see it clearly
Learn more

Double Eagle Gold Coins

Double Eagle Gold Coins were minted from 1850 to 1933. They were 90 percent gold and 10 percent copper alloy. The face value of the double eagle coins is 20 dollars. Read on for more information about the development and design of the Double Eagles.

Double Eagle Gold Coins

About Double Eagle Gold Coins

When the US Mint first started making gold coins, the eagle was the highest denomination at 10 dollars. The four base units of coins were the cent, the dime, the dollar, and the eagle ($10.00). Subsequently, the half eagles were worth 5 dollars and the quarter eagle was worth $2.50. The making of the $20 Double Eagles coincided with the California Gold Rush. The Double Eagle Gold Coins were the last gold coins minted in the United States for circulation. Because of this and their attractive design, they are sought after by coin collectors from around the world.

The design did not change much while it was being produced. It started with the Liberty Head design, which ran from 1849 to 1907, designed by James Barton Longacre. He shows the profile of Miss Liberty looking up, and she is wearing a coronet. Around her are a circle of 13 stars representing the original 13 colonies, and the date of minting is at the bottom of the coin. The back side of the coin has an eagle with extended wings and a shield. Inscribed around the edges are the words UNITED STATES OF AMERICA and at the bottom are the words TWENTY D. There were a few minor changes to this coin. From 1849 to 1866, the phrase IN GOD WE TRUST was not on the coin, and was added from 1866 to 1876. The TWENTY D was replaced with TWENTY DOLLARS from 1877 to 1907.

The Saint Gaudens Double Eagle Gold Coin was produced from 1907 to 1933 and was designed by Augustus Saint-Gaudens. The front of the coin has a full length image of Miss Liberty walking with the sun behind her. She has an olive branch in her left hand and a torch in her right hand. Around her are 46 stars, the number of states in the US at that time. The reverse side of the coin has rays of sunshine coming up from the bottom behind an eagle in flight with his wings pointing up. At the top is UNITED STATES OF AMERICA and at the bottom is TWENTY DOLLARS. In 1907, St. Gaudens made a high relief version of the coin. It had no motto (In God We Trust) and the date was in Roman numerals. This high relief version was too difficult to make and the coins did not stack well, so the design was changed to a low relief version with Arabic numerals. In the middle of 1908, the motto was added. The only other change was made in 1912, when two more states were added to the Union, so two more stars were added to the coin.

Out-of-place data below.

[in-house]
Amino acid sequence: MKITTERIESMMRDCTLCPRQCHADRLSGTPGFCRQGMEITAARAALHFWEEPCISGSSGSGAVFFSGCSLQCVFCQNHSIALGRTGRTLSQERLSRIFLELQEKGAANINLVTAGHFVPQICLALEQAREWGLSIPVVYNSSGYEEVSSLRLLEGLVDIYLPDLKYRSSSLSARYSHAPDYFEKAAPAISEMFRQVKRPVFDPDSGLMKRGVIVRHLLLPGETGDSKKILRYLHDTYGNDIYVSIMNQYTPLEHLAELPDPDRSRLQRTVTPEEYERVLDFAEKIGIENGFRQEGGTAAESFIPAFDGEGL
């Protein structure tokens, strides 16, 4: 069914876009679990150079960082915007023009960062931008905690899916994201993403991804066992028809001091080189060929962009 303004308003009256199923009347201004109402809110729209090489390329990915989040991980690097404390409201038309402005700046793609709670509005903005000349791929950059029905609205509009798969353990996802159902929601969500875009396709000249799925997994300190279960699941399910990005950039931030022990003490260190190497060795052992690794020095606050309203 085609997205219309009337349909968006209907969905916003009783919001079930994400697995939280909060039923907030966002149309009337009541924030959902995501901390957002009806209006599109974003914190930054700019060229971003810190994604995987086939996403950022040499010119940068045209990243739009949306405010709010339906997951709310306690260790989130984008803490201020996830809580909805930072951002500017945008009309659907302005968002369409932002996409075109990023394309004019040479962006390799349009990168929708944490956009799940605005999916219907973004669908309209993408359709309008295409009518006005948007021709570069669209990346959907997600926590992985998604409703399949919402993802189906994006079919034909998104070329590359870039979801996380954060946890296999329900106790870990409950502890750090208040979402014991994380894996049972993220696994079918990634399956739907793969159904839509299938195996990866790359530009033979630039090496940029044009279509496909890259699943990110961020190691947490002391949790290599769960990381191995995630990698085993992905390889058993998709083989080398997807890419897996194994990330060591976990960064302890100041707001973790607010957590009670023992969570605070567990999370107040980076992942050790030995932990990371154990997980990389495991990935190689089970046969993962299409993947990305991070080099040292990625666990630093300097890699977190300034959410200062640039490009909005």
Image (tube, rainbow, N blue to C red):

Value of Coins

There are several factors that enter into an evaluation of a coin’s value. The rarity of the coin is one, and this is often the case when a US Mint doesn’t produce many coins in a particular year. Error coins have more value than others, when there is either a flaw on the stamp that makes the coin or the coin if struck twice. Lastly, the condition of the coin can make a big difference in its worth.

Here are some of the more valuable Double Eagle Gold Coins and their price range. The range starts with a coin that has almost no details or is in fairly good shape to a Mint State coin with high luster and no wear or scratches.

  • 1921 = $14,500 to $1,000,000
  • 1925 = $910 to $120,000
  • 1926 D = $4,050 to $125,000
  • 1927 S = $3,620 to $125,000
  • 1929 = 4,320 to $100,000
  • 1930 S = $13,500 to $235,000
  • 1931 = $8,900 to 115,000
  • 1931 D = $9,500 to 130,000
  • 1932 = $9,450 to 120,000

One of the reasons people buy gold coins is for the value of the gold. Since these gold coins are 90 percent gold, the intrinsic value of the coin can change with the current market price of gold. As of October 31, 2010, the melt value of a Double Eagle Gold Coin is $1315.60.